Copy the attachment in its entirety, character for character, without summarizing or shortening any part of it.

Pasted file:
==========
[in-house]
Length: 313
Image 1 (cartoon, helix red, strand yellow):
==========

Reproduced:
[in-house]
Length: 313
Image 1 (cartoon, helix red, strand yellow):